Wizards of the Coasts drops the 5E bomb:
D&D is more than just a set of rules for fantasy gaming. It launched an entire gaming genre and played a pivotal role in creating the entirety of the gaming industry, both analog and digital. The game has lived and thrived because it has awoken a spark of creation, visions of daring adventure, wondrous vistas, and untold horrors that pull us all together as a community of RPG fans. It is the countless players and DMs who have brought it to life over the years. The game is at its best when it is yours.
For that reason, we want your participation. The goals we have set for ourselves are by no means trivial or easy. By involving you in this process, we can build a set of D&D rules that incorporate the wants and desires of D&D gamers around the world. We want to create a flexible game, rich with options for players and DMs to embrace or reject as they see fit, a game that brings D&D fans together rather than serves as one more category to splinter us apart.
True believers have lost faith. Factions squabble. The enemies are not only massed at the gates of the kingdom, but they have also broken through.
This may sound like the back story for an epic trilogy. Instead, it’s the situation faced by the makers of Dungeons & Dragons, the venerable fantasy role-playing game many consider to be the grandfather of the video game industry. Gamers bicker over Dungeons & Dragons rules.
Dave over at Critical Hits says:
If you’d like to try the latest version of D&D, D&D Experience is coming up at the end of the month. Not only am I one of the special guest bloggers, both ChattyDM and I will be running several tables of it (as will actual WotC employees) so sign up now if you’d like to give it a try.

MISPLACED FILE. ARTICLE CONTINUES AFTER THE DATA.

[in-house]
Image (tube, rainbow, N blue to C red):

“Just like a player makes his character, the Dungeon Master can make his ruleset,” says Mearls. “He might say ‘I’m going to run a military campaign, it’s going to be a lot of fighting’… so he’d use the combat chapter, drop in miniatures rules, and include the martial arts optional rules.”
“You can have as little or as much customization as you want,” he says. “It’s about letting people find their own way to play.”
This design and more in the Tabletop Role-Playing Game Collection….
Why do I think that this is going to turn out like that scene in the sewers from LIFE OF BRIAN?
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I think 4E left me hesitantly hopeful on this. 4E was not perfect, by any means, but it did show that they were/are capable of having a solid design core, which is why I’m willing to even accept 5E might be decent.
Thing is, I’m curious how modular things can be without making it completely different games and still work, and, whether they can manage to figure out a solid design direction without letting the edition war crusaders poison the open testing process. (“Wait, no THACO? This whole thing is broken! *flips table*”).